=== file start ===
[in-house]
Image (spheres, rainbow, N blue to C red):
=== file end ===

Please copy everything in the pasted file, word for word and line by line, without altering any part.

[in-house]
Image (spheres, rainbow, N blue to C red):